As with the entry of any new government, most departments go through a series of reforms post-election. The Department for International Development (DFID) has been no exception to this. Andrew Mitchell took charge of the department and has shown some promising advancements, such as forming an independent foreign aid watchdog and placing a focus on women in developing countries.
However any signs of promise have now been completely and utterly overshadowed by one of the most idiotic, misguided and backward policy suggestions of… well perhaps ever.
A leaked Whitehall paper has stated that aid funds must make the “maximum possible contribution” to UK national security.
‘National security’ should have absolutely nothing to do with the UK aid budget. The aid budget should be aimed at people with the most need and deprivation. This leak demonstrates exactly the kind of self-interested, politically motivated aid that is wasteful and tarnishes the reputation of aid donors.
Aid needs to be an experimentally based system, of finding where money is most effective in helping people in the most desperate parts of the world. If ‘national security’ is placed before this system then the money might as well be labelled ‘cash for propping up middle-eastern governments we like (and their armies)’.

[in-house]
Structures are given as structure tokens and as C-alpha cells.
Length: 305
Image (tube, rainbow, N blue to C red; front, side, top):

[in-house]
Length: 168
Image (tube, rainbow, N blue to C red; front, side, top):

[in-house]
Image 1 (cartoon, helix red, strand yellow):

The National Security Council being a stakeholder in foreign aid is counter to what DFID should be trying to achieve. In a press release in June DFID announced the budget “will be better targeted to where it can do most good.” Clearly the coalition government interprets the meaning of the word ‘good’ very differently from anyone with a shred of common sense, or for that matter common decency.
I had high hopes for UK foreign aid under a new government with fresh ideas but that has all dissipated in the wake of the opacity of ‘national security’. Aid should be a bottom-up process of aiding individuals and communities; but I fear this new approach will mean funding is channeled high up into central governments. DFID should be proving aid is being allocated on a basis of effective help for people and in a transparent manner rather than wasting time on this vague objective.
Let’s hope for the people who really need assistance this policy gets scrapped very quickly.